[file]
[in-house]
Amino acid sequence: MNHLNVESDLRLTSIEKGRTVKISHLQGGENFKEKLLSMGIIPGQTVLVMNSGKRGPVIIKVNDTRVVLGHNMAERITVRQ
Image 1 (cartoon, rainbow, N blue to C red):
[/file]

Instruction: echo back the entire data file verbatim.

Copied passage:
[in-house]
Amino acid sequence: MNHLNVESDLRLTSIEKGRTVKISHLQGGENFKEKLLSMGIIPGQTVLVMNSGKRGPVIIKVNDTRVVLGHNMAERITVRQ
Image 1 (cartoon, rainbow, N blue to C red):